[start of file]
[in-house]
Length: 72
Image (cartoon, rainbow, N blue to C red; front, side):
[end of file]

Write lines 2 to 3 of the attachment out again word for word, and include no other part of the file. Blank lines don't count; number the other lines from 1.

Length: 72
Image (cartoon, rainbow, N blue to C red; front, side):